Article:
Army

June 20, 2014

EPG’s network forensics makes impact at Army’s NIE

Tags:
Ray Ragan
U.S. Army Electronic Proving Ground

The Army Network Integration Evaluation, NIE, is a large-scale, semi-annual field evaluation of network and non-network capabilities. The U.S. Army Electronic Proving Ground, USAEPG, traditionally provides test and evaluation support and instrumentation to NIEs. However, with NIE 14.2, the latest evaluation, USAEPG provided the additional support of a network forensics team that made a positive impact on network troubleshooting, reliability and network protection.

FORT BLISS, Texas – The Army’s semi-annual, large-scale Network Integration Evaluation, NIE, saw the technology of network forensics make an impact at NIE 14.2, the latest NIE, which concluded earlier this month.

The Fort Huachuca-headquartered U.S. Army Electronic Proving Ground, USAEPG, traditionally provides expertise in instrumentation for technology-based systems and is the Army’s designated tester for C4ISR systems, as part of the Army Test and Evaluation Command, or ATEC. USAEPG supported the U.S. Army Operational Test Command, under ATEC, during this latest NIE. This year, in addition to supporting with instrumentation, USAEPG brought a network forensics team to the technology-centric field evaluation.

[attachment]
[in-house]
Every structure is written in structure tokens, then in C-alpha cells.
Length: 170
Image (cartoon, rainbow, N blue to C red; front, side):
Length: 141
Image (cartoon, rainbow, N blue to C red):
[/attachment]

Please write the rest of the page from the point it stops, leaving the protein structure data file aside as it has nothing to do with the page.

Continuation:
“The [network forensics] team we took out there brought a commercial-off-the-shelf suite of software,” said Sgt. Maj. John Herring, senior enlisted advisor for USAEPG, “and produced a state-of-the-art package that was accessible by everyone who was out there.”

“Our military relies on networked systems to fight and win our nation’s wars,” said Col. Tim Karcher, USAOTC chief of staff. “Network forensics tools that EPG brought to the fight allow us to look inside the network, to peel back the onion, and quickly resolve problems during these types of test events.”

According to Ed Watt, an Army Civilian and project engineer with USAEPG, network forensics offers network operators and systems administrators the ability to monitor network traffic and data in real time. This allows technology professionals to establish a baseline of how normal network traffic should behave on the monitored network. This capability enables these professionals to identify network issues quickly, such as improperly configured or failing equipment and unauthorized use, among other network issues.